Page 1019


Hughes's contention the State must prove the actual value of the property which was the subject of theft is without merit. While such proof was necessary under the former statutory scheme to determine the grade of offense and the penalty, I.C. 35-17-5-3, -12 (Burns Code Ed.1975) (repealed by Acts 1976, P.L. 148 Sec. 24, effective October 1, 1977 by Acts 1977, P.L. 340 Sec. 151), it is not required under the current theft statute except insofar as the State must show the defendant intended to deprive the owner of any part of the "value or use" of the property, whatever that value or use might be. Busam v. State, (1983) Ind.App., 445 N.E.2d 118.

We hold the evidence most favorable to the State, as described above, is sufficient to show Hughes intended to deprive the Jean Nicole store of the value of two of its dresses which had been offered for sale. See I.C. 35-43-4-4(c).


Hughes contends the court erred in refusing his tendered instruction number one:

"The unexplained exclusive possession of a defendant of recently stolen property is a circumstance which may be considered, along with the other facts and circumstances of the case, in determining the guilt or innocence of the accused. However, the mere possession of stolen goods, standing alone, is insufficient to support a conviction, and the defendant cannot be convicted on the basis of evidence of...

To continue reading

Request your trial
7 cases
  • Jones v. State, No. 4-1183A370
    • United States
    • Indiana Court of Appeals of Indiana
    • August 28, 1984
    ...Ward v. State, (1982) Ind., 439 N.E.2d 156, 159; Muse v. State, (1981) Ind., 419 N.E.2d 1302, 1304; Hughes v. State, (1983) Ind.App., 446 N.E.2d 1017, 1020. A theft conviction may be supported solely by circumstantial evidence. Muse, supra, 419 N.E.2d at 1304; Hughes, supra, 446 N.E.2d at 1......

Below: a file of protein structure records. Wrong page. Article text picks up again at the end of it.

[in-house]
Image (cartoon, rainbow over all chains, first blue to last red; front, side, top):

• Maynard v. State, No. 55A01-8604-CR-101
    • United States
    • Indiana Court of Appeals of Indiana
    • June 17, 1987
    ...any part of its value or use. A theft conviction may be supported solely by circumstantial evidence. Hughes v. State (1983), Ind.App., 446 N.E.2d 1017, In the present case there was sufficient evidence to support the elements of theft for counts 3, 4, and 5 against Maynard. Maynard argues t......
  • Sims v. State, No. 3-685A160
    • United States
    • Indiana Court of Appeals of Indiana
    • September 26, 1985
    ...elements of the offense charged have been proved by the evidence beyond a reasonable doubt.' " Hughes v. State (1983), Ind.App., 446 N.E.2d 1017, This instruction was originally approved by the Supreme Court of Indiana as a correct statement of Indiana law in Gann v. State (1971), 256 ......
  • Trotter v. State, No. 49A02-0412-CR-1042.
    • United States
    • Indiana Supreme Court of Indiana
    • December 9, 2005
    ...this point, we agree. The unexplained possession of stolen property may be sufficient to support a conviction of theft, Hughes v. State, 446 N.E.2d 1017, 1020 (Ind.Ct.App.1983), but the inference is permitted only where the property was "recently stolen." Gibson v. State, 533 N.E.......
  • Request a trial to view additional results

VLEX uses login cookies to provide you with a better browsing experience. If you click on 'Accept' or continue browsing this site we consider that you accept our cookie policy. ACCEPT